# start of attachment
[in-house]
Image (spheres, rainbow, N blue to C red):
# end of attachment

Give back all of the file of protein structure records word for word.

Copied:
[in-house]
Image (spheres, rainbow, N blue to C red):